• eRA Commons - Applicants must have an active DUNS number and SAM registration in order to complete the eRA Commons registration. Organizations can register with the eRA Commons as they are working through their SAM or Grants.gov registration. eRA Commons requires organizations to identify at least one Signing Official (SO) and at least one Program Director/Principal Investigator (PD/PI) account in order to submit an application.
  • Grants.gov – Applicants must have an active DUNS number and SAM registration in order to complete the Grants.gov registration.

Program Directors/Principal Investigators (PD(s)/PI(s))

All PD(s)/PI(s) must have an eRA Commons account.  PD(s)/PI(s) should work with their organizational officials to either create a new account or to affiliate their existing account with the applicant organization in eRA Commons. If the PD/PI is also the organizational Signing Official, they must have two distinct eRA Commons accounts, one for each role. Obtaining an eRA Commons account can take up to 2 weeks.

Eligible Individuals (Program Director/Principal Investigator)

Any individual(s) with the skills, knowledge, and resources necessary to carry out the proposed research as the Program Director(s)/Principal Investigator(s) (PD(s)/PI(s)) is invited to work with his/her organization to develop an application for support. Individuals from underrepresented racial and ethnic groups as well as individuals with disabilities are always encouraged to apply for NIH support.

For institutions/organizations proposing multiple PDs/PIs, visit the Multiple Program Director/Principal Investigator Policy and submission details in the Senior/Key Person Profile (Expanded) Component of the SF424 (R&R) Application Guide.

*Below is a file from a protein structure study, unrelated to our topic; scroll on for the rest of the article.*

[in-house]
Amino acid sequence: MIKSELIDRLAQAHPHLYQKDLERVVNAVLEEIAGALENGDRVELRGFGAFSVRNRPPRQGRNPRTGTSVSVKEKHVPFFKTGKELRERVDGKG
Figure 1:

2. Cost Sharing

This FOA does not require cost sharing as defined in the NIH Grants Policy Statement.

3. Additional Information on Eligibility
Number of Applications

Applicant organizations may submit more than one application, provided that each application is scientifically distinct.

The NIH will not accept duplicate or highly overlapping applications under review at the same time.  This means that the NIH will not accept:

  • A new (A0) application that is submitted before issuance of the summary statement from the review of an overlapping new (A0) or resubmission (A1) application.
  • A resubmission (A1) application that is submitted before issuance of the summary statement from the review of the previous new (A0) application.
  • An application that has substantial overlap with another application pending appeal of initial peer review (see NOT-OD-11-101).
Section IV. Application and Submission Information
1. Requesting an Application Package

Applicants must download the SF424 (R&R) application package associated with this funding opportunity using the “Apply for Grant Electronically” button in this FOA or following the directions provided at Grants.gov.

2. Content and Form of Application Submission

It is critical that applicants follow the instructions in the SF424 (R&R) Application Guide, including Supplemental Grant Application Instructions except where instructed in this funding opportunity announcement to do otherwise. Conformance to the requirements in the Application Guide is required and strictly enforced. Applications that are out of compliance with these instructions may be delayed or not accepted for review.

For information on Application Submission and Receipt, visit Frequently Asked Questions – Application Guide, Electronic Submission of Grant Applications.

Letter of Intent

Although a letter of intent is not required, is not binding, and does not enter into the review of a subsequent application, the information that it contains allows IC staff to estimate the potential review workload and plan the review.

By the date listed in Part 1. Overview Information, prospective applicants are asked to submit a letter of intent that includes the following information: